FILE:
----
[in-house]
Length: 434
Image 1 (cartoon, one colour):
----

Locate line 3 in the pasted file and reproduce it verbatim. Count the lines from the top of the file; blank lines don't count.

Image 1 (cartoon, one colour):